- Jennings: $1.4M (projected: $1.2M)
- Petricka: $825,000 (projected: $900,000)
Jennings and Petricka join Brett Lawrie and Avisail Garcia (corrected) as arb-eligible players with contracts, with Miguel Gonzalez, Todd Frazier and Zach Putnam yet to be determined. Frazier’s number is the only big one, in that is has some effect on his trade value. The rest lack the consequences of previous seasons, when settlements could change the projected payroll by a couple million, and an extra couple million allowed one to think about adding more at the trade deadline.
Then again, when it comes to rebuilding seasons, the White Sox bullpen doesn’t look like that big of a project. The only tell-tale sign when comparing a potential Opening Day bullpen to last year’s is the lack of a replacement for Zach Duke. Here’s how it looks in terms of merit:
- Closer: David Robertson (Robertson)
- Top setup man: Nate Jones (Jones)
- Top lefty: Dan Jennings (Duke)
- Mid-leverage righty: Petricka (Petricka)
- Mid-leverage righty: Putnam (Putnam)
- Second lefty: Giovanni Soto? (Jennings)
- Low-leverage righty: Tommy Kahnle (Matt Albers)
With James Shields and Derek Holland in the fold, you could see Kahnle replaced by a long reliever (Rule 5 pick Dylan Covey lurks), but that doesn’t change the math much. It’s weaker from the left side, but knowing how the bottom three righties turned out in 2016, the White Sox could ultimately come out ahead in this department.
The problem with this unit is that it relies on good health that wasn’t there the previous season. A contending team probably would’ve added an arm — especially on the left side — to bolster it. A rebuilding team ... well, a rebuilding team probably would have probably torn this bullpen down to the studs.
As it stands, the White Sox bullpen, what with Robertson and Jones still in the fold, remains more intact than any other aspect of the club.
I’m guessing that’s dictated more by circumstances than by choice. The best time to deal Robertson isn’t off a down year during a winter with three high-quality free-agent closers. The healthiest market probably relied on the Marlins coming from off the board to sign Kenley Jansen. Once Jansen re-signed with the Dodgers to take the team with the deepest pockets out of the running, Robertson’s remaining commitment (two years and $25 million) didn’t look so tradeable unless the Sox were willing to eat a lot of money.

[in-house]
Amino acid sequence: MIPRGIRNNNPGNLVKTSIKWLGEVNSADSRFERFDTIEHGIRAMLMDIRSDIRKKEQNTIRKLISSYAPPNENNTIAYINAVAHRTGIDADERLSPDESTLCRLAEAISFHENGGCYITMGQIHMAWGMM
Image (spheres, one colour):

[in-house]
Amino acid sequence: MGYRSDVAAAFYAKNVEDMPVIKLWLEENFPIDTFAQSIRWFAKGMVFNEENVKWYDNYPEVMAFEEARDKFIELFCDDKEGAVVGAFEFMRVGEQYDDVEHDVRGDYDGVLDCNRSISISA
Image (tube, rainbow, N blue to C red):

The White Sox have the luxury of time in this case, because 1) Robertson’s contract isn’t obstructing anything on their side, and 2) he’s coming off knee surgery. He underwent arthroscopic surgery after a season where he might’ve battled left leg problems for half of it. If the command problems stand a significant chance of stemming primarily from injury rather than decline, the White Sox are probably better off investigating that end, because a bigger return could be on the other side. For what it’s worth, Don Cooper brought up Robertson’s knee when discussing his struggles (“I think he was a bit overused, and I think his knee was bothering him down the end, too.”).
Preventing overuse looks like one of Rick Renteria’s jobs early on. The combination of Robin Ventura and a low-powered offense resulted in heavy loads for the best relievers over his tenure. There was Addison Reed’s six saves in six games. There was Jesse Crain’s shoulder dying so that the 2013 White Sox could live. There was Zach Duke leading the league in appearances before the Cardinals acquired him and overused him some more.
Nobody can count on the environment changing. In fact, it could get more dangerous for high-leverage relievers. The offense will probably be worse off without Adam Eaton unless they open the hydrant with runners in scoring position, and a Chris Sale-less rotation leaves more innings for the bullpen, so the temptation to lean on the high-leverage types will be heavy. If Robertson comes back in near-peak form, it’ll be important for Renteria to not get carried away, especially should the White Sox get off to a surprisingly good start.
Renteria should be able to divvy up some of the work without it looking like a punt. Giving the occasional save to Nate Jones could boost a pair of trade values, and a healthy Petricka and Putnam can bring his experience in high-leverage situations against the right kind of lineup. If Charlotte proves to be a waste of Zack Burdi’s time, he could be a factor there as well.
A manager risks some headaches by going away from a paint-by-numbers bullpen when he absolutely doesn’t have to, but the team stands to gain in the long run by moderating everybody’s work. I suppose Renteria, Rick Hahn and others can point to the post-April performance by the 2016 bullpen if some early auditions go awry. This might be the first time Hawk Harrelson’s repetitive complaints actually pay off.
Update: Frazier and the White Sox agreed to terms in 2017:
todd frazier, chsiox settle at $12M— Jon Heyman (@JonHeyman) January 13, 2017